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**What’s in this module?**

This module is a quick review of the math skills you will need in clinical calculations. You have done all these problem types in the past, either in college or high school. No advanced math is required.

You’ll be working with decimals and fractions. The operations you’ll be performing are addition, subtraction, multiplication, and division.

Here’s a quick review of some basic math terminology:

https://www.basic-math-explained.com/images/math-terms-divi1.jpg Retrieved 8/15/2019

https://www.basic-math-explained.com/images/math-terms-frac.jpg Retrieved 8/15/2019

https://i.ebayimg.com/images/i/151041134054-0-1/s-l1000.jpg Retrieved 8/15/2019

**Rounding rules to know**

You need to know the rounding rule for numbers less than one ( <1 ), numbers greater than one ( >1 ), trailing zeros, and leading zeros:

- If the answer is less than one (1), take the math out three (3) places past the decimal point (the thousandth position) and round to two (2) places past the decimal point (the hundredth position).
- If the answer is greater than one (1), take the math out two (2) places past the decimal point (the hundredth position) and round to one (1) place past the decimal point (the tenth position).
- Do not include trailing zeros. (Ex: 12.0 mL would simply be expressed as 12 mL and 0.40 mg would be expressed as 0.4 mg)
- Always use a leading zero for numbers less than one. (Ex: .25 mL should be expressed as 0.25 mL)

Please see the **Resources** tab for all your rounding rules. The equivalents you need to know are also in the Resources section.

**Problem Type 1 – Working with Decimal Numbers**

What’s important when you’re working with decimals? You must keep track of the decimal places to have the correct number of places in your answer. Many clinical calculations errors are decimal place errors.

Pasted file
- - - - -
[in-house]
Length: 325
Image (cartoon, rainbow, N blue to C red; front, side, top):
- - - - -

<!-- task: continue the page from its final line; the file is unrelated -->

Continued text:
__Multiplication example__ :

Your final answer is 11. Why 11? For answers greater than (>) 1, you are to take the math out to two places past the decimal point and round to one place past the decimal point. In this case, the second place past the decimal point is an 8. Therefore you are to round the first digit up from 9 to 10, which affects the whole number.

__Subtraction example:__

Your answer will round to 1.1 using the rounding rule for numbers >1.

__Division example__:

Your final answer in this problem is 2.5 using the rounding rule for numbers >1.

**Problem Type 2 – Working with Fractions**

In __adding and subtracting__ fractions, use the lowest common denominator to express the fractions.

__Addition example__:

Change 2/3 to 6/9 so that both terms have the same denominator (9).

In __multiplication__, the lowest common denominator is not necessary. Multiply the numerators and the denominators. Then reduce your answer to a mixed number (whole number and fraction) if necessary.

__Multiplication examples__:

This problem requires changing a mixed number (1 2/3) into a fraction (5/3), then changing the answer to a mixed number and reducing the fraction.

__Division __only involves one change. Invert the divisor and multiply as you normally would.

__Division example__:

**Problem Type 2 – Working with Fractions**

Multiplying Fractions

Don't forget your rounding rules.

**Problem Type 2 – Working with Fractions**

Multiplying Fractions

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©2015 Georgia Highlands College | ask@highlands.libanswers.com